Robuck recreates this exchange, with Scott in a thundering, ‘gin-soaked’ rage as he lashes out at both Zelda and Anna:
‘This is my material, my material,’ he insisted, as he smoked and paced around the office. ‘How could she go behind my back with your doctor and submit to my editor before I had a chance to read it? I’ve been working on my novel for years, stopping over and over to shit out these short stories to pay the bills and keep her in comfort, and not only does she steal my material, but you help her to do it?’ He shoved a chair, rocking it dangerously until it settled back on its four legs.
Zelda, in this novel, is most definitely ‘insane’ – but Scott is presented as every bit as unstable as his wife. He frequently ‘explodes’ with anger and dissolves into racking sobs, and seems to be constantly drunk. There is no glimmer of hope for happiness in this marriage, so Zelda instead seeks fulfilment in female friendship, describing Anna as her ‘greatest gift. A true friend.’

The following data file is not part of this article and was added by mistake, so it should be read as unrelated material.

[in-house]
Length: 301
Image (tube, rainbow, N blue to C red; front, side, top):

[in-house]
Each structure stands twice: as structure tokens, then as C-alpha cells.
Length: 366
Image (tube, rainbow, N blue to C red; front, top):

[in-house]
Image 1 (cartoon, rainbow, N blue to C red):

In Beautiful Fools, the most accomplished novel of the three, R Clifton Spargo takes a close, intimate look at the end of Scott and Zelda’s love, focusing on a few days in April 1939, when they took a trip to Cuba as a last effort to salvage their marriage. It is a holiday that is hardly documented, allowing Spargo the space to imagine the famous couple away from their familiar context. The result is a refreshingly human portrait of a couple taking one last chance on each other. They are ruined and dysfunctional, but real. There is no glamour here, just the wistfulness and tension of two troubled souls who can’t quite let go of the life they once had together. ‘Being in love with you,’ Zelda tells Scott, ‘is like being in love with one’s own past.’